I wasn’t the only person to notice something was different.

While I wasn’t aware of the full context at the time, I was sufficiently concerned about how Alexis was treating Olivia that I offered to speak to him about it on her behalf. Olivia was convinced that would not be fruitful; a position I understand much better, now.

I’ve seen a transcript of the conversation in which Olivia requested a pay rise (in relation to a change in her responsibilities). If he was trying to be professional, I don’t think he succeeded. Here are a few of the things he said:

  • ‘holy shit’ (after she suggested a specific number);
  • ‘let me be really frank about this. A salary increase that big for a minor role change will look like a negotiating position. It looks like a negotiating position to me.’
  • ‘I have a better idea of the value you add than anyone’.

On why people believe

Alexis has an explanation for why so many people in the industry have believed the allegations. He says they were primed by a bunch of unfounded rumours in an echo chamber, perhaps spread by a single person. That isn’t true.

First, quite a few people have made it clear that their belief is founded on their own personal experiences with Alexis, or those of their direct acquaintances.

Second, not everything heard from others is a rumour. We all make use of information shared with us by others, and learn ways to assess its reliability. Personally, I have heard few rumours about Alexis. I have heard a lot of detailed and specific allegations. At this time, only a fraction of them have made their way onto the public internet. They aren’t mine to share. However, I’ll talk later about an experience I had with Alexis that I think illustrates the behaviour of which he has been accused, and which might help anyone who needs to form an opinion on this to do so.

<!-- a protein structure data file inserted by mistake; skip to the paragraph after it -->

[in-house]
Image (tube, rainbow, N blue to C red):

Third, it’s a small industry. Many of us are acquainted with Alexis’s principal accusers, who put their own reputations on the line by speaking out. We have informed opinions about their integrity, judgement, access to information and evidential standards.

Finally, Alexis’s own public responses tell against him. They exhibit tendencies that do not go hand in hand with the respectful treatment of women.

In Alexis’s response to Emily, he explains away her understanding of six years of her own experiences. This is staggeringly patronising, and I suspect it will have evoked weary recognition in many female readers.

He denies ever having any power, except when he wants to talk about how magnanimously he gave it all up. Anyone familiar with the allegations over the last few years in other creative industries will have encountered this defence:

The world baffles the bumbler. He’s astonished to discover that he had power over anyone at all, let alone that he was perceived as using it. What power? he says. Who, me?

His denial ignores the many forms of power other than direct authority that were available to him: reputation, connections, access to platforms, audience, relative wealth, knowledge of intimate personal information. In any case, he had tremendous power over Olivia. He was her boss and then her boss’s boss, at a company where he was majority shareholder and CEO.

Alexis had more control over her career than anyone. It saddened me to see him defend his past actions by saying she forgave him, with no acknowledgement of the coercive effects of their difference in status, or of how much higher the stakes were for her in that conversation.

It is a mark of sincerity to be exacting when considering possible excuses for one’s wrong. For his conduct towards Olivia, he presents a series of insubstantial and frivolous excuses.

He says the secrecy was Olivia’s idea; but that did not negate his own responsibilities as a manager and CEO.